Point-Counterpoint: Stretching: Is It Beneficial For Plantar Fasciitis?
- Volume 27 - Issue 4 - April 2014
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Continuing up the kinetic chain, the lower back as well as the thoracolumbar areas may suffer as well due to the abnormal rotational compensations. The excessive internal rotation could produce shearing of the lumbar discs, causing potential bulging or degenerative arthritic changes. Accordingly, clinicians may commonly note a disc bulge incidentally. Often when it ruptures, the patient was not doing any excessive movements and this probably would not have occurred if there were not chronic low-grade rotational compensations occurring at these areas. Lower back postural fatigue is common and we can often remedy this when we look toward the foot for the answer.
When there are frontal, transverse or sagittal plane compensations, rotation of the pelvis will be affected so any or all of the musculature attaching to the pubis and ilium are susceptible to abnormal strain. The affected musculature may include the abdominal musculature, psoas muscles, tensor fascia lata and the hip adductors. Impaired recruitment here may lead to chronic weakness and the gait changes I mentioned above.
Moving proximally, the quadratus lumborum and erector spinae muscles attach to the ribs, illium and lumbar vertebrae. The muscular and aponeurotic diaphragm forms the floor of the thorax and the roof of the abdomen. The diaphragm originates from the superior lumbar vertebrae, its ligaments and the lower ribs. Extensive arteries, the phrenic and intercostal nerves, and lymphatic vessels supply and pass through the diaphragm. When mechanical compensation patterns persist throughout the trunk, due to what is occurring in and around the foot and ankle, could we imagine that vessel, nerve and lymphatic flow are altered or affected?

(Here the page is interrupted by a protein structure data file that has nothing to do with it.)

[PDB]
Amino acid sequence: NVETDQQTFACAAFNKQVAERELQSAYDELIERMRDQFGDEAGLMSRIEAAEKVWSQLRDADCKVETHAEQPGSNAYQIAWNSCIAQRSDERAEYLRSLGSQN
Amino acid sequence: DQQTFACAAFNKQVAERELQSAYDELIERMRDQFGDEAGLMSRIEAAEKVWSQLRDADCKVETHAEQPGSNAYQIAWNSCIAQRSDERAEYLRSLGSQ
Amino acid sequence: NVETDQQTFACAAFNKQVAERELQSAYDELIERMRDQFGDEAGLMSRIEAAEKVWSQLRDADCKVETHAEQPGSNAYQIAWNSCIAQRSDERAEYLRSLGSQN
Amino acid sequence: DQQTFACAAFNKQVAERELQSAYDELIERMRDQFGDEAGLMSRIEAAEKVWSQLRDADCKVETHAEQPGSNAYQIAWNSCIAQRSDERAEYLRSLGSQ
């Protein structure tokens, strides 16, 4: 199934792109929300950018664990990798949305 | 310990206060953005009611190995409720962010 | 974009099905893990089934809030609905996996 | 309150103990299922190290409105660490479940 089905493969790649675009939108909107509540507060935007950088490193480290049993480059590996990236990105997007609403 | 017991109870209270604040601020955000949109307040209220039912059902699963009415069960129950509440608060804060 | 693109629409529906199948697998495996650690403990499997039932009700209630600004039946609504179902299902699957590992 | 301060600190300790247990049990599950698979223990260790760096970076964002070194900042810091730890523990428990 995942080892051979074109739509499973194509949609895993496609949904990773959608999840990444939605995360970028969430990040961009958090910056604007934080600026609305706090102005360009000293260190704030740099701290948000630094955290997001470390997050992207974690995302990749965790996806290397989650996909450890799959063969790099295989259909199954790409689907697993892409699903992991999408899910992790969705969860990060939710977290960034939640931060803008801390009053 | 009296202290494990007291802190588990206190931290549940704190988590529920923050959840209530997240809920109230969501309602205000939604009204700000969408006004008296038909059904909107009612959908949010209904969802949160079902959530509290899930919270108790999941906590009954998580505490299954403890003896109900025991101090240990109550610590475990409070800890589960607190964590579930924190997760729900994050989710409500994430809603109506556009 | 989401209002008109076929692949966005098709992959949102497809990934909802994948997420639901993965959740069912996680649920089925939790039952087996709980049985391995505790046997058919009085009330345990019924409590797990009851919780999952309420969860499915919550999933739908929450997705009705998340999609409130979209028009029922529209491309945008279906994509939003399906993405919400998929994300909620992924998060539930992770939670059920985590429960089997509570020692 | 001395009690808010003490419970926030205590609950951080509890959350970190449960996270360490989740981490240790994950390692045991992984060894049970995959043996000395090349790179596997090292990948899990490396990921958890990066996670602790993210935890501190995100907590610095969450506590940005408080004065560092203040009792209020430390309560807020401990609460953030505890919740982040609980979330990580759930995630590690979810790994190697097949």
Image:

This list sounds daunting and it is unlikely that all of the scenarios will occur simultaneously. However, we must realize what happens to a foot can affect the whole kinetic chain, not just for treatment of plantar fasciitis, but for a whole host of conditions and diagnoses that we evaluate and treat. Every change we make to the foot — whether it is with a shoe, pad, surgical procedure or orthotic device — will ultimately affect other joints, tissues, tendons and fascia. We know that performing a flatfoot procedure without lengthening the Achilles is unthinkable. Understanding and reviewing the anatomical connections that every muscle, joint and ligament share will make every physician realize the importance and the magnitude of stretching the gastroc and soleus for all of the biomechanical conditions we treat.
We have always been the biomechanical experts in the field of foot pathology but that accomplishment is slowly fading away as we continue down the path of medical parity. We cannot eliminate the essence of who we have been as podiatric physicians. As our surgical prowess continues to grow, we cannot forget the biomechanical teachings and workings of the foot joints as every mechanically-based surgical procedure will fail without this knowledge.
Let us get back to our roots of what distinguishes us from the other practitioners who treat foot conditions. The combination of evolving surgical genius with the reinvigorated research, use and love of biomechanics can catapult us out of the park as the experts in the foot and ankle. This will solidify our status and make us very valuable specialists in the ever changing healthcare marketplace.
Dr. Schoene is a triple board certified sports medicine podiatrist and a certified athletic trainer. She is a Fellow of the American Academy of Podiatric Sports Medicine and the American College of Foot and Ankle Surgeons.
For further reading, see “Plantar Fasciitis: How To Maximize Outcomes With Conservative Therapy” in the May 2006 issue of Podiatry Today.
While stretching can be an early treatment for plantar fasciitis, this author says it is not always appropriate to recommend stretching to heel pain patients and it can cause harm.
By Stephen Pribut, DPM, FACFAS